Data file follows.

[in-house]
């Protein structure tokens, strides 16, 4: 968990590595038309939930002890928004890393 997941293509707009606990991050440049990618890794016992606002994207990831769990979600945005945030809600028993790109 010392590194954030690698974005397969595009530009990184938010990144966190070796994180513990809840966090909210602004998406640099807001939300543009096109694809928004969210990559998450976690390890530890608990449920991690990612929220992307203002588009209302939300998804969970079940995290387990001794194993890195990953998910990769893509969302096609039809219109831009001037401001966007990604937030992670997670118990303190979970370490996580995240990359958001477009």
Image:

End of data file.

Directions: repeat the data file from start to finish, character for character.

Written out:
[in-house]
């Protein structure tokens, strides 16, 4: 968990590595038309939930002890928004890393 997941293509707009606990991050440049990618890794016992606002994207990831769990979600945005945030809600028993790109 010392590194954030690698974005397969595009530009990184938010990144966190070796994180513990809840966090909210602004998406640099807001939300543009096109694809928004969210990559998450976690390890530890608990449920991690990612929220992307203002588009209302939300998804969970079940995290387990001794194993890195990953998910990769893509969302096609039809219109831009001037401001966007990604937030992670997670118990303190979970370490996580995240990359958001477009």
Image: